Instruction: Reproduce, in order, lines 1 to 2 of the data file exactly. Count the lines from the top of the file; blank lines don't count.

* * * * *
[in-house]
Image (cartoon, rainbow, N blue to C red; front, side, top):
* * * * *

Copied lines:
[in-house]
Image (cartoon, rainbow, N blue to C red; front, side, top):